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Inside The Monster Ball: Lady Gaga Reveals Plans for Ambitious New Tour

October 21, 2009 6:55 PM ET

Just two weeks after Lady Gaga's Fame Kills Tour with Kanye West was cancelled, the ambitious pop star announced plans for an unprecedented "multimedia artistic experience" called The Monster Ball. The show was originally slated to premiere in London in early 2010, but the singer rallied her Haus of Gaga and is set to launch the trek on November 27th, four days after the release of The Fame Monster. Rehearsals for The Monster Ball begin next week and details about the show have been scarce until now. Lady Gaga revealed the tour's theme, stage design and plans for The Fame Monster in an exclusive interview with Rolling Stone. For more details on the tour, see our story in the next issue, on stands October 28th.

Look back at Lady Gaga's most memorable fashion moments.

Can you talk about the songs on The Fame Monster?
This is a new album. It's eight songs, I could have put more songs on it, but I just decided not to because I thought they fit beautifully together. I'm really excited about all my new work, and I've been going through some really wonderful times and some really rough times all at once, so it's been really good for my artistry. On the re-release, I wrote this song called "Speechless,"which I think is the best song I've ever written. It's about my dad, it's a really beautiful ballad. It's piano-driven, and there's no beat on it, it's all live instruments. I produced it with Ron Fair, so we did a full live orchestra, recorded everything with live drums, live guitar and bass with me playing piano. We got that really organic, delicious feeling.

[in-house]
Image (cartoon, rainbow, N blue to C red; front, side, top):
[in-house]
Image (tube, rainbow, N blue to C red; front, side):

What was the thinking behind The Monster Ball?
I wanted to really put together a show that would be the most beautiful, expensive-looking, delicious show, but that my fans wouldn't have to pay a ton of money to come see. So we're playing a few nights in a row. I've got super loyal fans, so I feel this tremendous obligation to take care of them.

You said it was a pop-electro opera.
Yeah. It's the first ever, so it's really whatever I want it to be. The theatrics and story elements are in the style of an opera. Imagine if you could take the sets of an opera, which are very grand and very beautiful, and put them through a pop-electro lens. The design of the show is very, very forward, very, very innovative. I've been thinking about ways to play with the shape of this stage and change the way that we watch things. So what I've done is I've designed a stage with Haus of Gaga that is essentially a frame with forced perspective, and the frame is put inside the stage.

It's got kind of a triangular inset, like a diamond, and everywhere we're playing, the dimensions fit this box that I'm bringing, so it's this giant box that fits into every show. So no matter where I go, my fans get the same experience. So often you go into theaters and there's ambient light flying in from all sorts of places, and the audience is in different spots, and the stage is in different shapes and lengths and widths and depths, so this is a way for me to control all the light and all of the different elements of the show. The theme of the show is evolution.

How will that theme express itself?